As a frequent media contributor in the U.S. and France, I am often asked to comment on celebrities who are not my clients. This was the case most recently when Karl Lagerfeld the fashion icon, who split his time between Los Angeles and Paris, died in February. The Kaiser, as Lagerfeld was known, had no children but provided generously for “Choupette” his beloved Birman cat. In France, you cannot name a pet as a beneficiary. In order for a beneficiary to receive an inheritance, it has to be a physical person or a foundation. He could have created a foundation, whose sole mission was to take care of the cat, and named a director who could receive funds under the condition that the money was for the animal’s care. He could also have donated the money to an existing nonprofit and stipulated that the funds be used to take care of Choupette. Alternatively, he could have left Choupette to a trusted individual along with a gift of cash, earmarked for her care. Though Lagerfeld is German, the pair resided in France, where the law prohibits pets from inheriting their owners’ wealth. German law, however, allows one’s wealth to be transferred to an animal.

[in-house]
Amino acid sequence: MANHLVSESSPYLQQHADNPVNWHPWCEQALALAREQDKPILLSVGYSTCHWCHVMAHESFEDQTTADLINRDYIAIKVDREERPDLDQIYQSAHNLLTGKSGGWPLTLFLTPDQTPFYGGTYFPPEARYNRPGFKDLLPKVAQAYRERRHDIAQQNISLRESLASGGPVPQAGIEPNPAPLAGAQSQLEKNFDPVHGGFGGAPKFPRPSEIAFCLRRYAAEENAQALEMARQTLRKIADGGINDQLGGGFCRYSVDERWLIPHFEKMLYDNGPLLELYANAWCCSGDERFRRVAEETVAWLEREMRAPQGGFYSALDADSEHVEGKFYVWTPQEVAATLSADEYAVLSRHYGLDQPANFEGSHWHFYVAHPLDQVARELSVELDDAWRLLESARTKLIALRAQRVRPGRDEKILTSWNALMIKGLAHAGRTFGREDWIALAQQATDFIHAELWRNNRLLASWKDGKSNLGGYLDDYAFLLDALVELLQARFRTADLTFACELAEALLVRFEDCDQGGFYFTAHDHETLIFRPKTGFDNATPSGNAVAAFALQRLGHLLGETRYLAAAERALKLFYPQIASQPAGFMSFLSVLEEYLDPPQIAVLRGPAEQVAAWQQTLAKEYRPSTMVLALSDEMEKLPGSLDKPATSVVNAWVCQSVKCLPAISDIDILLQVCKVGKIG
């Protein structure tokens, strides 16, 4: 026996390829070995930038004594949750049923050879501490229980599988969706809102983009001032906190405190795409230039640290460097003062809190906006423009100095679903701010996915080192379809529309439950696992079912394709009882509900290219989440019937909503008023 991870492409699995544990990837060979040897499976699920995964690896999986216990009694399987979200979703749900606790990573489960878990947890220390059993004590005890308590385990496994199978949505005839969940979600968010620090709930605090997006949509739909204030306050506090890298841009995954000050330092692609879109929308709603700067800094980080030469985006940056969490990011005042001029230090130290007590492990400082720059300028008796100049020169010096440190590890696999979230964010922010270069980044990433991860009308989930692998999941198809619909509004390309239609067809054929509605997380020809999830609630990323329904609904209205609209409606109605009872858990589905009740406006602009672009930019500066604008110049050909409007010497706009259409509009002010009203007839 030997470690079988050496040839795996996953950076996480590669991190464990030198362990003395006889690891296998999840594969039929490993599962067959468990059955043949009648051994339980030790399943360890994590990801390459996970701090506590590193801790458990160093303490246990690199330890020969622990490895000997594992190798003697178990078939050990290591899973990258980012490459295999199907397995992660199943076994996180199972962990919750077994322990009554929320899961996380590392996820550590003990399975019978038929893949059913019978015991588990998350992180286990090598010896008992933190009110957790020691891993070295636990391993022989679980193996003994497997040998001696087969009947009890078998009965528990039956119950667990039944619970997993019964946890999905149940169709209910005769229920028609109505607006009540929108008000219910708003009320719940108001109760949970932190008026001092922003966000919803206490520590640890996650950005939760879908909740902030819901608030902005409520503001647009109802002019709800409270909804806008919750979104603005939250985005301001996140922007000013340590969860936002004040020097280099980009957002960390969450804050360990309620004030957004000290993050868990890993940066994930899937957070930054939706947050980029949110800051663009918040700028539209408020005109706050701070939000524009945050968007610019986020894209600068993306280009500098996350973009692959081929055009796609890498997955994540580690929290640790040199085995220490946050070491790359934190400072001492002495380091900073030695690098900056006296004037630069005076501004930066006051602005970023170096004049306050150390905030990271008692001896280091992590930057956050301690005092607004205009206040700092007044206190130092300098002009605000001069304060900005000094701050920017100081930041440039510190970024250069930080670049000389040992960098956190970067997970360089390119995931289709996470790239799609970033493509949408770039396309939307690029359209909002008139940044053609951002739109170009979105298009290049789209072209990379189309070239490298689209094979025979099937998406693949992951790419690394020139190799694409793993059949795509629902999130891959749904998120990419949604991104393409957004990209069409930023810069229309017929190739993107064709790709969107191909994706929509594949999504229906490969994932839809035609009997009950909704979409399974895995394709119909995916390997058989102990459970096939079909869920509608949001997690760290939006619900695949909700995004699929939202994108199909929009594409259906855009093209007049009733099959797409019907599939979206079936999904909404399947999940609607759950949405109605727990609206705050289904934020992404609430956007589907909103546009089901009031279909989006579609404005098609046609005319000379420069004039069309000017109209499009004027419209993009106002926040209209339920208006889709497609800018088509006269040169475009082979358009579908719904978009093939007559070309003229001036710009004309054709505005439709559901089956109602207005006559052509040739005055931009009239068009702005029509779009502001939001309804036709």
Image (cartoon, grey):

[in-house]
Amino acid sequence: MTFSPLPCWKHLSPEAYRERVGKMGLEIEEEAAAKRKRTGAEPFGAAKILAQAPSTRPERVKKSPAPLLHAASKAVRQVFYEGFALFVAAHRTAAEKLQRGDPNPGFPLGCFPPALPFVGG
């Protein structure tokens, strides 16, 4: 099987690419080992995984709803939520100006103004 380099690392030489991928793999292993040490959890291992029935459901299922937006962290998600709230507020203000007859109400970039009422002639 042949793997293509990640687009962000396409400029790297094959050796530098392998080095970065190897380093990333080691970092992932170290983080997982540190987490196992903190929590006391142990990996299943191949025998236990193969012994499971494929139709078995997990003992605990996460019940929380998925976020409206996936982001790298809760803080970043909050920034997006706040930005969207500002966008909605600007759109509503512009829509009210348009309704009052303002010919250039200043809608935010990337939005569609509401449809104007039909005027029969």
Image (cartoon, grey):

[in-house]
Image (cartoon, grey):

Pets in the U.S. are considered property and cannot inherit. I recommend creating a pet trust. Pet trusts allow you to set up both a “trustee” – the person who controls the money – and a “caregiver” – the person actually taking care of your animal. This creates a sort of check and balance system. If your caregiver isn’t taking care of your animal in the way you specified, your trustee can withhold the money. State statutes require the principal of the trust to be a reasonable amount. Philanthropist and hotel heiress Leona Helmsley put $12 million in a pet trust for her Maltese puppy “Trouble”. After a lengthy court battle, the trust was decreased by the court to $2 million. Anyone who owns a pet knows the love that can be shared between a human and an animal. Not surprisingly, many people want to make sure their pet is properly cared for in the event of their death in the same way they want to make sure family members are taken care of financially. As with all important decisions, in life and in death, seek qualified counsel.